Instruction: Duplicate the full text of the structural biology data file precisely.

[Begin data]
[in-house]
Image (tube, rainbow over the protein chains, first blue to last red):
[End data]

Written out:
[in-house]
Image (tube, rainbow over the protein chains, first blue to last red):